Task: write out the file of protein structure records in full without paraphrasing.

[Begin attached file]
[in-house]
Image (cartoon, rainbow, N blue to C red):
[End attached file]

[in-house]
Image (cartoon, rainbow, N blue to C red):